The Sky This Week: New Moon means deep-sky observing

There’s very little moonlight and some great fainter targets in the sky from May 7 to 14.
By | Published: May 7, 2021 | Last updated on May 18, 2023
Messier 106
M106 is a spiral galaxy in the northern constellation Canes Venatici the Hunting Dogs. It lies some 25 million light-years from Earth. Some astronomers think emissions from M106 indicate a vast quantity of material is falling into a supermassive black hole at the galaxy’s core.
Bill Snyder

Friday, May 7
Canes Venatici the Hunting Dogs is a northern constellation drawn from just two bright stars: magnitude 3 Alpha (α) and magnitude 4 Beta (β) Canum Venaticorum. They sit below the curve of the Big Dipper’s handle, parallel to Alkaid and Mizar but about 15° southwest of that pair.

The constellation is home to several relatively bright galaxies, including magnitude 8.4 M106. Measuring 20.0′ by 8.4′, many consider it one of the best galaxies in Messier’s list, but it’s also one of the least observed. You’ll find this spiral in the constellation’s northwest corner, about 6.5° northwest of Beta Canum Venaticorum and 7.5° southeast of magnitude 2.4 Phecda (Gamma [γ] Ursae Majoris). You’ll want to pull out your best scope for M106, which is tilted to our line of sight much like the more famous Andromeda Galaxy (M31) and resembles that object as well. With larger apertures, you’ll be able to make out the galaxy’s dust lanes and spiral structure.

Canes Venatici is home to several other Messier objects: galaxies M94, M51, and M63, as well as the globular cluster M3.

Sunrise: 5:53 A.M.
Sunset: 8:01 P.M.
Moonrise: 4:19 A.M.
Moonset: 4:12 P.M.
Moon Phase: Waning crescent (15%)
*Times for sunrise, sunset, moonrise, and moonset are given in local time from 40° N 90° W. The Moon’s illumination is given at 12 P.M. local time from the same location.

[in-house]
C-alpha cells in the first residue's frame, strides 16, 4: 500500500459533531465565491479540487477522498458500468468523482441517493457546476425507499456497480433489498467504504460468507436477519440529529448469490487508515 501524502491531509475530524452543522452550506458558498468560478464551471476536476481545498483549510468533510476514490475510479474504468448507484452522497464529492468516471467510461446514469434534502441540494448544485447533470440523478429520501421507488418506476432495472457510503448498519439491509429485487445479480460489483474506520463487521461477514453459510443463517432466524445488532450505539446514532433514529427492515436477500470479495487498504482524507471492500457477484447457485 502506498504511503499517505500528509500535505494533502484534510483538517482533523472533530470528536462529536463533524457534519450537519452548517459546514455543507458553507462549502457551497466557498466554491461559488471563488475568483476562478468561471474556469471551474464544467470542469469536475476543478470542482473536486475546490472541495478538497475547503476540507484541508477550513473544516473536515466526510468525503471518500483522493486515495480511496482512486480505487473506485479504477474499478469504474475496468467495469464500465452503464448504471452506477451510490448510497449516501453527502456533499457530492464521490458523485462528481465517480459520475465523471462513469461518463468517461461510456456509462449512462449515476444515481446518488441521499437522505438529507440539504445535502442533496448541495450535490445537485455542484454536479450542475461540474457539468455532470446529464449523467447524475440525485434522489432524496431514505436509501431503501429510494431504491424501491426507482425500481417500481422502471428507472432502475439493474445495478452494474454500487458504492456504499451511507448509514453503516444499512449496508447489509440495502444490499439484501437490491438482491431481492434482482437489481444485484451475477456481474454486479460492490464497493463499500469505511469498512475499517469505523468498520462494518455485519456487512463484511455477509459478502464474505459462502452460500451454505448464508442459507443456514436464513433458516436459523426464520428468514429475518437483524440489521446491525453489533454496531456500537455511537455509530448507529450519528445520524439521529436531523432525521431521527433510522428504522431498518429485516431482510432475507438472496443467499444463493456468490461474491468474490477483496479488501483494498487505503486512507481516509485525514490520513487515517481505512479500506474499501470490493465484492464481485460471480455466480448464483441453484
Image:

May 2021 path of Comet C/2020 R4 (ATLAS)
C/2020 R4 (ATLAS)
You’ll find numerous galaxies scattered along Comet ATLAS’ path this month.
Astronomy: Roen Kelly

euSaturday, May 8
May is your last chance to see Comet C/2020 R4 (ATLAS) before it streaks too far from the Sun and loses its glow. It won’t return for another 1,000 years, so get your comet watching on before midmonth, when the Moon’s bright light drowns it out.

ATLAS is currently gliding through Coma Berenices, just south of Canes Venatici (where we turned our gaze last night). This evening, you’ll find the magnitude 10 comet about 2.5° north of Gamma Comae Berenices; nearby are several galaxies around the same magnitude: NGC 4559, NGC 4565, NGC 4494, NGC 4631, and NGC 4395.

The comet will continue toward Leo night by night, heading nearly straight for Zosma in the great cat’s haunches.

Sunrise: 5:52 A.M.
Sunset: 8:02 P.M.
Moonrise: 4:42 A.M.
Moonset: 5:12 P.M.
Moon Phase: Waning crescent (9%)

Sunday, May 9
Let’s return to Coma Berenices tonight to enjoy NGC 4565, one of the sky’s best edge-on galaxies. Even a small telescope (4 inches) will show this magnitude 9.5 galaxy, also known as the Needle Galaxy for its exceedingly thin appearance. If we could step outside the Milky Way and view it edge on, it would likely look quite similar. Although it sits some 30 million light-years away, thanks to projection effects NGC 4565 appears to sit near the edge of the much closer Coma Star Cluster (Melotte 111).

Melotte 111 itself is an excellent binocular object that can be found just south of Gamma Comae Berenices, which Comet ATLAS passed last night. The cluster’s 40-odd members form a loose v shape visible to the naked eye in a dark sky. It spans about 275′ and sits a little less than 300 light-years away.

Sunrise: 5:51 A.M.
Sunset: 8:03 P.M.
Moonrise: 5:04 A.M.
Moonset: 6:10 P.M.
Moon Phase: Waning crescent (4%)

Monday, May 10
Mercury passes 8° north of Aldebaran at 11 P.M. EDT. Although they will have set by then, you can catch the pair sinking in the west just after sunset. Closest to the horizon is bright Venus, blazing at magnitude –3.9 and roughly 10″ in diameter. About 9° northeast of Venus is Mercury, a much dimmer –0.3 and spanning 7″. The red giant star Aldebaran, which marks the eye of Taurus the Bull, is south of the tiny planet.

Northwest of Venus (and roughly the same height above the horizon) is the Pleiades. See if you can spot any of the cluster’s bright stars popping out as dusk falls and the cluster quickly sets. You’ll definitely need a clear view of the horizon.

Much higher in the sky, now sitting near the knees of Gemini the Twins, is ruddy Mars, shining at magnitude 1.6. It will take longer for the Red Planet to show up against the darkening sky, but it will also remain above the horizon longer, setting around local midnight.